[Review] Frank Zappa: Studio Tan (1978)

Hardly the runt of Lather’s litter, this features the story of Greggery Peccary plus a few extra treats.

Kronomyth 23.0: Better läthe than never.

Läther’s soap opera about a nocturnal, gregarious wild swine is half the fun of Studio Tan. “Greggery Peccary” is one of those cases where Frank Zappa’s storytelling overshadows the music, certain to please anyone who still prays at the foot of “Billy the Mountain” (Billy and Ethel even make a brief cameo here). The gist of the story is a marketing executive who invents the calendar (and, thus, time), incurring the wrath of hunchmen (and hunchwomen). I suspect this was intended to be part of Hunchentoot, but that’s just a hunch. The remaining songs offer a little something for everyone: the silly send-ups associated with Flo & Eddie (“Let Me Take You To The Beach”) and the mutated classical/jazz/rock monsters of his early ‘70s masterpieces (Burnt Weeny Sandwich et al).

It’s an eclectic venture, which is to be expected when a nine-album opus is peeled off in single albums, but among the Läther litter this is, in the words of a very famous spider, some pig. Given what Zappa was releasing at the time, you’re less likely to get burned with Studio Tan than a Zoot Allures. It’s not essential music, if only because fitting these pieces into the original puzzle calls for some historical revision, and yet it is eminently enjoyable. In fact, pound for pound, Studio Tan might be one of Frank’s funniest records. And fans of Zappa’s ambitious classical/jazz rock won’t mind hearing “Revised Music For Guitar & Low Budget Orchestra,” a radical reworking of the original “Music for Electric Violin and Low Budget Orchestra” that appeared on King Kong. Showing such different facets of the same diamond may be initially distracting, but Studio Tan remains dazzling for forty minutes.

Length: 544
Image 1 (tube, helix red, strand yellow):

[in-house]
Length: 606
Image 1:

Original elpee version

A1. Greggery Peccary (20:40)
B1. Let Me Take You To The Beach (2:44)
B2. Revised Music For Guitar And Low Budget Orchestra (7:36)
B3. Redunzl (8:12)

All songs written by Frank Zappa.
* CD reissues swapped B1 and B2 and credited the last track as “RDNZL.”

The Players

Frank Zappa (guitar, vocals, percussion), George Duke (keyboards), Chester Thompson (drums) with Murray Adler (violin on B2), Mike Altschul (flute on B2), Max Bennett (bass guitar on B1), John Berkman (piano on B2), Don Brewer (bongos on B1), Jay Daversa (trumpet on B2), Earle Dumler (oboe on B2), Jock Ellis (trombone on B2), Alan Estes (percussion on B2), Bruce Fowler (trombone on A1/B2), Tom Fowler (bass guitar on A1/B2), Pamela Goldsmith (viola on B2), Dana Hughes (bass trombone on B2), Paul Humphrey (drums on B1), Eddie Jobson (keyboards & yodeling on B1), Jerry Kessler (cello on B2), JoAnn Caldwell McNab (bassoon on B2), Malcolm McNab (trumpet on B2), Edward Meares (upright bass on B2), Davey Moire (vocals on B1), Victor Morosco (saxophone on B2), Ray Reed (flute on B2), Emil Richards (percussion on B2), John Rotella (woodwind instruments on B2), Sheldon Sanov (violin on B2), Ruth Underwood (percussion & synthesizer on B3), Don Waldrop (trombone on B2), James “Bird Legs” Youman (bass guitar on B3), Graham Young (trumpet on B2), Michael Zearott (conductor on B2). Produced by Frank Zappa.

The Pictures

Art direction by John Cabalka. Design by Vartan/Rod Dyer, Inc. Illustration by Gary Panter.

The Plastic

Released on elpee and 8-track on September 15, 1978 in the US, Australia and Canada (Discreet, DSK/M8D 2291), the UK (Discreet, K 59210), Brazil (Warner Bros., 36.096), Germany (Discreet, DIS 59210), Japan (Discreet, P-10612D) and Venezuela (Warner Bros., Lps.200.2492). Reached #147 on the US charts.

  1. Re-issued on compact disc and cassette in 1991 in the US (Barking Pumpkin, 74237) and France (Zappa, CDZAP 44).
  2. Re-released on remastered compact in 1995 in the US (Rykodisc, RCD 10526) and Japan (Rykodisc, VACK-1234).

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